Every family has its secrets. And that couldn’t be truer for the Graham family. When the matriarch of the family passes away, they’re left in a state of emptiness. The house feels cold. There’s something missing. But a deeper evil begins to grow, and when Annie (Toni Collette) struggles to cope with her grief, she looks at new ways of coping. Unfortunately, however, there are some secrets best left hidden in the dark, and as she slowly begins to unravel the past, her family’s fate is put into question.
It’s a similar style of horror to the aforementioned indie darlings It Comes At Night and The Witch. Aster’s screenplay really takes its time in setting up this world and these characters, which feels gruellingly paced in the moment, but leads to a satisfyingly brutal finale that will shake you to your core. Its art-house ways may turn a lot of mainstream viewers off, but for those with patience and a keen eye, Hereditary will soon become one of your favourite modern horror films. I seriously cannot get over the shit that goes down in the final act. Not only is it nightmarish and surreal, but also it raises so many questions that leave this film open to wordy discussion.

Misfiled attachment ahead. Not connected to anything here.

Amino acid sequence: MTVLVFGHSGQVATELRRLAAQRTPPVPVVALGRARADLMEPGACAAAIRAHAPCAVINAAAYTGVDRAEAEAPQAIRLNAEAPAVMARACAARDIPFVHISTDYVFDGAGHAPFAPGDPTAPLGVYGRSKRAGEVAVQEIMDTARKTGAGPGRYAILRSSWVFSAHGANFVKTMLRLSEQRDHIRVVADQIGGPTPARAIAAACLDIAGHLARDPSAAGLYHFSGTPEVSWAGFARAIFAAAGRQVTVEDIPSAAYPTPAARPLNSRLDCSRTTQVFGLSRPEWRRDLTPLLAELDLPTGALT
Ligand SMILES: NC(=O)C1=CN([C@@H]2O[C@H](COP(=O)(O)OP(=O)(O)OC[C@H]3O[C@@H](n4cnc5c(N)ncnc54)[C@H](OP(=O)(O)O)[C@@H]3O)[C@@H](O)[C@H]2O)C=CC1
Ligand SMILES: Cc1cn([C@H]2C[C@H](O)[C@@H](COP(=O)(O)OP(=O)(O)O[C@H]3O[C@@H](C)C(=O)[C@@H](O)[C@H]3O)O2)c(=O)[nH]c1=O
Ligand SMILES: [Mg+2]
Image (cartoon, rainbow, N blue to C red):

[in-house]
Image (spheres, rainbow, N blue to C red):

Newcomer Milly Shapiro is chilling as the youngest daughter of Collette’s character. She’s a character of few words whose connection to her deceased grandma leads to a number of sequences that can only be described as revolting, but in the best way possible. Even in the scenes she’s not in, her presence is definitely felt, and there’s a scene in a car that’s so shocking and violent and out of the blue that it may prove too much for audiences. But hey, isn’t that the sign of an effective horror movie?
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